Yocheved conceived and gave birth to Moshe Rabbeinu. The Torah informs us that the infant Moshe remained with his mother for three months. Interestingly, the Torah does not mention his mother giving him a name. One would think that over the three-month period, Yocheved would have named her son. Horav Mordechai Gifter, zl, offers an insightful explanation. A name is far more than just a title of reference. A name represents its bearer, his very essence, character and abilities. A name defines a person. This, however, can only be said of the average person who, by excelling in certain areas more so than in others, indicates that he possesses a distinctly measurable amount of ability and talent. In other words, we are all comprised of various attributes, some in which we excel more or better than in others. Thus, a name personifies the person’s abilities (or areas in which he excels) in contrast to his inabilities. If one is perfect, however, no name can define him, because he excels in all of his abilities. Without some sort of deficiency in which one demonstrates imperfection, there is no room to distinguish between: ability and inability; talent in opposition to lack thereof. What name do you give to the individual who is perfect, to one who is consummately good?
Moshe Rabbeinu was the epitome of human perfection. He “had it all” and made use of every one of his G-d-given gifts to execute his mission in life. What do you give to someone who has everything? Our pasuk says of Moshe – Ki tov hu, “He was good!” We simply have no other words with which to describe him. Tov. Good. That was his name.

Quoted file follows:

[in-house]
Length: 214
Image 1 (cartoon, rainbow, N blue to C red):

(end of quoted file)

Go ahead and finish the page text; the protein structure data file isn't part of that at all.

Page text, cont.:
Perhaps we can explain this further. Following the creation of Adam HaRishon, Hashem said, Lo tov he’yos ha’adam levado, “It is not good that man be alone” (Bereishis 2:18). The Torah is teaching us a primary concept with regard to mankind. A man alone is lo tov – “not good.” Man was created for a purpose. Horav Chaim Voloziner, zl, expresses that purpose in simple, but definitive, terms: L’hoil l’acharini – “To help others.” We are not here for ourselves. Therefore, we cannot live a reclusive existence. When one is alone – it/he is not good.
Moshe’s first public appearance, his primary egress from the solitude of Pharaoh’s palace into the outside world, consisted of, V’yaar b’sivlosame, “And (he) observed their burdens” (ibid 2:11). What constituted Moshe’s “observing” his brethren? Nosan eino v’libo lihiyos meitzar aleiheim, “He focused his eyes and heart to be distressed over them” (Rashi). Moshe identified with his people. He empathized with their pain. He did not want to be alone. Throughout his life he displayed this compassion. Tov is the perfect person.
Lo tov is one who is alone. When one is alone he is imperfect, because he cannot help his brother. Our mission in life is to focus on achieving the appellation, “tov.”